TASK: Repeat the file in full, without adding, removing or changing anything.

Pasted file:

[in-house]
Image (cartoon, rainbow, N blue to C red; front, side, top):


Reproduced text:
[in-house]
Image (cartoon, rainbow, N blue to C red; front, side, top):